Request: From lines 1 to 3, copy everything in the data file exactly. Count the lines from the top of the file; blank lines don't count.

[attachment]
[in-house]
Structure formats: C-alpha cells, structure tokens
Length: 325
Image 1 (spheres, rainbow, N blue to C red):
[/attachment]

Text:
[in-house]
Structure formats: C-alpha cells, structure tokens
Length: 325